He came from humble beginnings: Lake Itasca, Minnesota, born tumbling over rocks I've walked across. His mission: to travel toward the equator collecting brides. They come from the melting snows of the Rockies across Nebraska joining their sister the Missouri traveling to St. Louis to meet up with him. Like a harem master he selects and collects. From up north, Canadan brides of cold, cold water come to his call.
The St. Croix bride joins him south of St. Paul, MN. The Ohio and Illinois further south. The more brides he takes, the more powerful he becomes through their mingling, joined forces. And he's used. Twenty-seven locks corral him at a level for passage. Barges bringing supplies ride his back to and fro. Local news announce his "level" daily.
Before levee's castrated him, he roamed where he pleased across Mississippi, Arkansas, Louisiana, and more. But when he gets riled up, he spills his guts on the countryside. All are reminded he's still a force to be reckoned with.
Not all about work, he moves the sand leaving huge sandbars. Visitors camp for the day and night. Pontoons pull up between the sandbars and the bank out of his swift current. People put out lawn chairs to sit in the water to cool their booty and feet. Some stand in him to their necks to visit and sip cool drinks. Sand buckets and little kids dot him. Barbecues are set out to cook hotdogs and sausages, vegetables optional.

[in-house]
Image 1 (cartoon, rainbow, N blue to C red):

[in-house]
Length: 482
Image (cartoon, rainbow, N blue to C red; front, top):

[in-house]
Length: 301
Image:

His fish are legendary. Storytells love him: Mark Twain. The mussels are brought to the surface, their shells cut into tiny pieces, shipped to Japan, and seeded into oysters to produce pearls.
The Lord put twists and turns in his life to slow his pace. It keeps him from a straight shot to the end. He's already fast moving. Some places he twists and a piece of him goes backwards higher than the rest. It looks strange. He's busy all the way to the bottom.
Why do the brides rush to him? What's his pull? Binets? No. They'd be soggy. Freedom. He carries them to freedom, giving them to the Gulf, pleased a piece of him goes with.
copyright 2006 Red Convertible Travel Series